Several strategic areas in the city will be transformed into cultural and historical landmarks. That’s the plan embodied in the Downtown Rejuvenation
Project. It was officially launched at the House of Culture today and it covers the reconstruction of the House of Culture, upgrading of streets and
parks in downtown Belize City and the creation of a more vibrant and flourishing commercial center. The outline of the project was unveiled today and
Courtney Weatherburne has the details.
Courtney Weatherburne Reporting….
Diane Haylock - President, NICH
"Why did we think that such project was necessary? Well first of all, this house is history, this house is heritage, this house is an important part of
Belize. And there was a feeling that perhaps the way it was being used, the way it was presented was not befitting it's status in that history, it’s
place in that history."
In order for the House of Culture to take its rightful place in history, a rejuvenation project was launched to give the old house an overhaul and promote
its historical significance.
Abil Castaneda - Chief Tourism Officer
"The initial idea was to do something with this ground, with this remarkable architectural feat we have in Belize and to really allow it to have
Belizeans first and them our visitors be able to come to this facility, to these grounds and learn about the history, learn about the heritage. Not
only of Belize city, but of the country itself."
But the project is not only limited to the House of Culture.
Abil Castaneda - Chief Tourism Officer
"While we began to look at just this little area here, that is in yellow, which is the house of culture where you are right now. As the process
evolved, what we realised is that the true impact and importance of this house is not only limited to the boundaries of the house of culture. And that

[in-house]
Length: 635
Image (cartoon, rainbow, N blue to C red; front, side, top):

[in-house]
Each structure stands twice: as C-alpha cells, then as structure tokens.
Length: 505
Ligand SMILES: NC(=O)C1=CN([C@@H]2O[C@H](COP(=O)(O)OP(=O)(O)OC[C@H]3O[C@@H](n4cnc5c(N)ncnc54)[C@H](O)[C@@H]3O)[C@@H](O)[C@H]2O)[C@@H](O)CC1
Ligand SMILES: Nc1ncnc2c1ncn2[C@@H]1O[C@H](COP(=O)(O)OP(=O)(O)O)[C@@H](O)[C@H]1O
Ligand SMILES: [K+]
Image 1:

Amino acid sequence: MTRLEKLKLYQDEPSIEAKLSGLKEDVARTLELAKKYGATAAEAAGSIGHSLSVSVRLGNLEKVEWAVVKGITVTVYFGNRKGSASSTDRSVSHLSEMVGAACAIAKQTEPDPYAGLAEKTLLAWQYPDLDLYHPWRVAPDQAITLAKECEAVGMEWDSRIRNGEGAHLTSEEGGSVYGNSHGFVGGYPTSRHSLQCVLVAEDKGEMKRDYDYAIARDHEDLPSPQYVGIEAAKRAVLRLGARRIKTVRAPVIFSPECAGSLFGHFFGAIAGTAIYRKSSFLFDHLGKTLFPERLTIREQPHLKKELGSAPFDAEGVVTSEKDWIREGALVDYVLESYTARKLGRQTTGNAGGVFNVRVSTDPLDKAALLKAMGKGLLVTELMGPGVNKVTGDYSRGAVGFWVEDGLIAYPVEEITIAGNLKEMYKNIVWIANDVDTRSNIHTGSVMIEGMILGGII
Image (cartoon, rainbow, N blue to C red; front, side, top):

the history and the value of such an architecture because of the historical values that it has - it really impacts this entire area here as the
original settlement of old Belize.”
And that portrait of “Old Belize” is guiding the project.
Abil Castaneda - Chief Tourism Officer
"So this is the basis on what it is that we are looking at for this project. We're looking at what Belize city downtown once was. The values that it
had. They old port which was behind the supreme court building. The architectural buildings - both the brick ones and the wooden ones. All of these
assets are things that maybe from a common perspective would say that these things are just old structures, best thing we knock them down. But from our
perspective, we have realised that these really are very important vestiges and also assets that not only tell the story of how Belize city was settle
but also it tells a very important story of how life was back in the colonial days. We saw it important to see how we could maybe not go back to what
it once was but to use the aspects that are still with us to allow us to appreciate what our history was, our heritage is and use that to compel the
development towards the future."
And in order to seize that future, the past must be preserved and embraced.
Darrell Bradley - Mayor, Belize City
"So much of our Belizeanes has been lost to history, our architecture, our unique expressions, these things are things which tell the story of who we
are as a people. Where we have come from and where we're going. And it is in incumbent on us to be champions of preservation of our heritage and that
must start in the area of highest concentration of heritage sites which is in our downtown Belize City.”
That is where most of the work will be done including building a boardwalk from the Swing Bridge to the Bliss centre
And upgrading the streets and the grounds at the House of Culture.
It is quite an ambitious project looking at key target areas in the city, but can it be done after years of just consultation?
"All the stakeholders are very invested in the project. I have seen and worked over the last 3 years with the partners from BTB and from NICH. And I
see the heart we bring to the project, I see that they have been very committed in terms of bring us to this point and taking us forward. City council
like wise in terms of our technical persons and myself. We're very passionate about improvements in key areas including in the downtown so that we
really put our seal on insuring this project is implemented in the way it was implemented. It's community led, that it has buy in - it targets the